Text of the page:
Furthermore, the success or failures of such projects should not and cannot be evaluated simply by the current incurred profits. Let us take the recent much discussed Malaysia’s East Coast rail project as an example. In this project, the required engineering is of the highest technical caliber, and is China’s BRI most massive one. It also spans four States in the Malaysian peninsula, with some 4 million Malaysians living near or around its route. According to the public information published by the Malaysian Government, some 15% to 30% of the project is contracted to indigenous enterprises.
Once the rail project is finally put into action, it is expected that it will enhance the economic growth of three to four Malaysian States by about 1.5%. Furthermore, during the construction phase of the East Coast project, some 80,000 jobs will be created. It is also worth mentioning that China and Malaysia will soon initiate the “China-Malaysia Talents Training Collaborative Program” and China will export to Malaysia high speed rail technologies. Ultimately, it is expected that some 3600 Malaysians will be involved in the construction and operation of the project.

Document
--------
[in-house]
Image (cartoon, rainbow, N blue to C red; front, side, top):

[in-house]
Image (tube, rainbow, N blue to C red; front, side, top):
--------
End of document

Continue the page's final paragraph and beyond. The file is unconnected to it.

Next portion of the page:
Another example is the African Kenyan Mombasa-Nairobi rail project. This completed project had already linked up Kenyan’s port city Mombasa with its inland capital Nairobi. It is anticipated that the project will lift Kenyan’s GDP annually by 1.5% and create 50,000 jobs. It is also noteworthy that the materials for the project are essentially derived locally!
As far as BRI projects involving Chinese enterprises are concerned, one way to determine whether it is successful or not is by utilizing the current period profit. It is well known that while this is a common practice, a more accurate and meaningful way is to evaluate it by taking into account of economic growth, social progress and increase of the employment rate of the nations along the BRI route, together with the significant expansion of international operations of the Chinese enterprises as well as creating new and exciting markets. With this in mind, by merely deploying “accounting principles” by the international public opinions may be missing an important point.